• Discharge - discharges NiMH batteries
    • Video system (NTSC, PAL)
  • Setup 3
    • Reset - back to defaults

Enough menus, let's talk about photo quality now!

Overall, the FinePix S8000fd's macro performance was good, though the reds are way off. I'm guessing that the camera's white balance system had some trouble with my studio lamps. Putting the camera into the "chrome" film mode make the colors a lot more pleasant (though slightly over-the-top). The subject is sharp, with plenty of detail captured. While there's no noise to speak of, I did spy some noise reduction artifacting in the shadows at the bottom of the figurine.

There are two macro modes on the FinePix S8000fd. In normal macro mode, the minimum focus distances are 10 cm at wide-angle and 1.2 cm at telephoto, which are average numbers for an ultra zoom. If you want to get even closer, put the camera into super macro mode. This locks the lens at 60 mm (35 mm equivalent) and allows you to be just 1 cm from your subject.

Now onto the night scene. I was afraid that I was going to be limited by the S8000's 4 second exposure limit, but that didn't turn out to be the case -- the camera was able to take in enough light. The buildings are are slightly soft, and you can see a bit of noise reduction on them if you look closely. Purple fringing was well controlled in a scene which is often filled with it.

I have two ISO tests in this review, and the first one uses the night scene above to illustrate how the camera performs in low light situations. Here we go:

ISO 64

ISO 100

ISO 200

ISO 400

ISO 800

ISO 1600

The only real difference between the first two crops is a slight increase in noise reduction at ISO 100. One stop above that, the noise reduction becomes a lot more noticeable. You should be able to still make a small (4 x 6) print at this setting. Details really start to go at ISO 400 and above, so I wouldn't use any of those sensitivities. I left out the ISO 3200 and 6400 samples from this comparison since they're so utterly bad. If you must see them, here you go: ISO 3200, ISO 6400.

I'll show you how the camera performs in better light in a bit.

There's mild-to-moderate barrel distortion at the wide end of the FinePix S8000's 18X zoom range. This can make things like buildings appear to "lean" toward the center of the frame. I did not find vignetting (dark corners) or corner blurriness to be a problem here.

I took the redeye test shot with the camera's automatic redeye reduction turned on and, as you can see, it did a great job. If you're taking people pictures, then it's a good idea to shoot with this option turned on.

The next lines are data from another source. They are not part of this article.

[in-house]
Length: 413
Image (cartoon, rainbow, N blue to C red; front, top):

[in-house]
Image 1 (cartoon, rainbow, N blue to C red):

Here now is our studio ISO test, which can be compared between cameras that I've reviewed. Speaking of which, now's a good time to open up the Panasonic Lumix DMC-FZ18 review for comparison purposes. While the crops below give you a quick idea as to the noise levels at each setting, viewing the full size images is always a good idea. Here we go:

ISO 64

ISO 100

ISO 200

ISO 400

ISO 800

ISO 1600

ISO 3200

ISO 6400

The first two shots look nice and clean, though a bit on the soft side. Some noise starts to pop up at ISO 200, but it's not enough to prevent you from making mid-to-large prints. Noise reduction becomes more noticeable at ISO 400, reducing the print sizes that you could make. The image gets some pretty obvious noise/grain at ISO 800, but at least that detail isn't being smudged away like Panasonic does on the FZ18. Even so, I'd save this setting for small prints, and only if you absolutely have to. More detail is loss at ISO 1600, so I'd avoid using this sensitivity. Speaking of avoiding sensitivities, don't even bother with the ISO 3200 or 6400 settings (which only exist for marketing purposes). The camera lowers the resolution to 4 Megapixel at those settings, which makes for smaller poor quality photos than you'd get at full res.

Overall, the FinePix S8000fd produced good (but not great) photos. They were generally well-exposed, with pleasing, saturated colors. Things were on the soft side, especially fine details like grass, hair, and trees, probably due to noise reduction. The sky appears slightly mottled as well. On the flip side, noise isn't much of a problem until ISO 200 in low light, and ISO 400 in good light. Purple fringing, a common occurrence on ultra zoom cameras, was moderate.